Tuesday, January 24, 2017

A NO-Point Night -- Game 48: Ottawa Senators 3 - Washington Capitals 0

The Washington Capitals saw a long streak come to an end on Tuesday night in a frustrating 3-0 loss to the Ottawa Senators.  With the loss, the Caps became the last team in the NHL to suffer their tenth loss in regulation time.

Ottawa opened the scoring early in the first period when Chris Kelly and Tom Pyatt broke out of the defensive end on a 2-on-1 rush with the Caps on a power play.  Kelly fed Pyatt, who carried the puck on the left side into the Caps’ zone.  Kelly darted to the net with Marcus Johansson trying to close the gap.  Johansson was not able to close the distance completely, and Pyatt fed him for a backhander that beat goalie Philipp Grubauer at the 1:46 mark.

The Senators doubled their lead less than three minutes later.  With a Senators power play just expiring, Grubauer turned away a Bobby Ryan point-blank shot, but the puck skittered into the left wing faceoff circle where Derick Brassard chased it down.  He fed it out to Fredrik Claesson, whose one-timer was redirected by Ryan past Grubauer with just 4:10 gone in the period.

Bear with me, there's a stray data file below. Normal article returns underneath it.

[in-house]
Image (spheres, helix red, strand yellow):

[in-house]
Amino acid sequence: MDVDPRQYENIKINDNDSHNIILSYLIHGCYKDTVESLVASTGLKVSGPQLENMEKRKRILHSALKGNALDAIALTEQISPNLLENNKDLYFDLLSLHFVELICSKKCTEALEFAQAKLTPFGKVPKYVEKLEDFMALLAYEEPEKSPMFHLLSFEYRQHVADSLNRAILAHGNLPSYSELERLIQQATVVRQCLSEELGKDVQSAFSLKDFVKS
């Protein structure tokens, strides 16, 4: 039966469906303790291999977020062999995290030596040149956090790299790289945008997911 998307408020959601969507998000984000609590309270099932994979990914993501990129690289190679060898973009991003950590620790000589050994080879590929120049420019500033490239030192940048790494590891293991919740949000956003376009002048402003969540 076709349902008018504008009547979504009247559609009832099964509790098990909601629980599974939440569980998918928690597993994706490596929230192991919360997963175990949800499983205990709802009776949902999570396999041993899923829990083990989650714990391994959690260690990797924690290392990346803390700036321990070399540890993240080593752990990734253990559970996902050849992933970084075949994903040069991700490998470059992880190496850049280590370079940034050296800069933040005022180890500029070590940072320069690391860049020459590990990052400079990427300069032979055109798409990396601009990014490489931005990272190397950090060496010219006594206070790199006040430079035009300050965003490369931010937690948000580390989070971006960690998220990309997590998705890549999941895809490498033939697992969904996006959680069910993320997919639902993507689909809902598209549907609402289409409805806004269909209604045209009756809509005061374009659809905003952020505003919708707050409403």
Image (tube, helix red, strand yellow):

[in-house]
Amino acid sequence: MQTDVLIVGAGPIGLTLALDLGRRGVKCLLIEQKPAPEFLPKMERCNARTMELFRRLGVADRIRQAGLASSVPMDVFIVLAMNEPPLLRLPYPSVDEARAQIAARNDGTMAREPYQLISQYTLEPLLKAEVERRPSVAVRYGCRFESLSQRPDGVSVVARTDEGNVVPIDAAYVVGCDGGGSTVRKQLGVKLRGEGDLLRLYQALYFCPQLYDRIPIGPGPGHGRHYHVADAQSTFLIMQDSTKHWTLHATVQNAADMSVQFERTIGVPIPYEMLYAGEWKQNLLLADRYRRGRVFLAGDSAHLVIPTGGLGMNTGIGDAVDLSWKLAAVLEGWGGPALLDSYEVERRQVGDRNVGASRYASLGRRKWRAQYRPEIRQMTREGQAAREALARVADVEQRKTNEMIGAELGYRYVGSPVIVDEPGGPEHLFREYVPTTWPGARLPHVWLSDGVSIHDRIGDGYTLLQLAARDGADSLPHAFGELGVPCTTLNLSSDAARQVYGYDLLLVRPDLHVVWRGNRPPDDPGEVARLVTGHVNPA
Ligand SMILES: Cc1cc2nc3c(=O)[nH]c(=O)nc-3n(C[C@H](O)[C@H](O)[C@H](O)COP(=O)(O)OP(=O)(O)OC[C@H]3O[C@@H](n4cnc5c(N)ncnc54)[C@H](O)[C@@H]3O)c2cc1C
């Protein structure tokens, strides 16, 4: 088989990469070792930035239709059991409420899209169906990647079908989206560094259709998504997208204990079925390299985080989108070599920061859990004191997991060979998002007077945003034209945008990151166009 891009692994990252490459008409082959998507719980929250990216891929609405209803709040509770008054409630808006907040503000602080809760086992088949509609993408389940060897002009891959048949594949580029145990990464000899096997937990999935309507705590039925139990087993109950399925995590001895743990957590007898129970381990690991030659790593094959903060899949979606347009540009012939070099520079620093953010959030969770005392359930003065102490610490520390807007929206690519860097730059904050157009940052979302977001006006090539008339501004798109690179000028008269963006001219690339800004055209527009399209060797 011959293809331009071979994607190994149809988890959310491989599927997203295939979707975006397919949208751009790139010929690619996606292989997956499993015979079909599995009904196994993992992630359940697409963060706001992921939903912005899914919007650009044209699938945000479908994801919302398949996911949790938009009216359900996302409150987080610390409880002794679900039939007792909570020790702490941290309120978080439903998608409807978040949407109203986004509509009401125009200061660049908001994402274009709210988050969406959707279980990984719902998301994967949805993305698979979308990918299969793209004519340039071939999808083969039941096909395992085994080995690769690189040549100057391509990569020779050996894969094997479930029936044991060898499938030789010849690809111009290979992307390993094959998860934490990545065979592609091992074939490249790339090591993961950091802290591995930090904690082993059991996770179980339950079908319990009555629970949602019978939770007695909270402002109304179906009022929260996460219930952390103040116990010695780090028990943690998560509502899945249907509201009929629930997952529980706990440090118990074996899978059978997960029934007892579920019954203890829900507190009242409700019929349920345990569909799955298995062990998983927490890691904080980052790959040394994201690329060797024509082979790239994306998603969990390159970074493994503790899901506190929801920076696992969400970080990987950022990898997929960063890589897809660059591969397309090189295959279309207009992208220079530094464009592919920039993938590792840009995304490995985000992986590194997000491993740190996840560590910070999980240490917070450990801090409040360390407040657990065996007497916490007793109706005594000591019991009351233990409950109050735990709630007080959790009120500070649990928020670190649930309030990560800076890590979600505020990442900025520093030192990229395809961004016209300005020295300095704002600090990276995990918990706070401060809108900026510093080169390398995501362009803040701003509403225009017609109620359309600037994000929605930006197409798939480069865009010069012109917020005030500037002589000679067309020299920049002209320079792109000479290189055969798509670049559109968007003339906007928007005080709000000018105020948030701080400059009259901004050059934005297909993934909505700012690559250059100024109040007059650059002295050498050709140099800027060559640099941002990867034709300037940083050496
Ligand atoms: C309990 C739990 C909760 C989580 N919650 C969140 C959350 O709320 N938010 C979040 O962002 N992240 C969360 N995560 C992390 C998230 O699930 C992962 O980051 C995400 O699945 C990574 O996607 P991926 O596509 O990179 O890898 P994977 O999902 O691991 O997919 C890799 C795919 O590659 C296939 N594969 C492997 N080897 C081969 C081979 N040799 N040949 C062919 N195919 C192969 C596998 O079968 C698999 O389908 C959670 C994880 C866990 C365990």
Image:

Ottawa added a goal in the second period on a power play, Zach Smith getting his 12th goal of the season.  That was all Mike Condon needed as he stopped all 31 shots he faced to earn the 3-0 shutout.

Other stuff…

-- The Caps came up one game short of tying their franchise-high 15 game points streak (2009-2010, when they went 14-0-1).  The streak ends with a record of 12-0-2.

-- This was the first time this season that the Caps were shut out on the road and the third time overall.  Oddly enough, all three shutouts came with 3-0 scores, the others at home to the New York Islanders and San Jose Sharks.

-- Alex Ovechkin had 21:01 in ice time, five hits, and took two minor penalties.  Bad combo.  The Caps are now 1-6-3 when he logs at least 20 minutes in ice time, 2-4-2 when he records five or more hits, and 2-2-1 when he is charged with two or more penalties in a game.

-- Another streak of sorts ended with this game.  Coming in, the Caps had not suffered a loss by more than one goal over a 25-game stretch (19-2-4) dating back to the 3-0 shutout at the hands of the Islanders on December 1st. 

-- The Caps had six power plays in a road game for just the second time this season.  They lost the other one, too.  Tampa Bay beat the Caps, 2-1, in a Gimmick in which the Caps went 1-for-6 on their power play.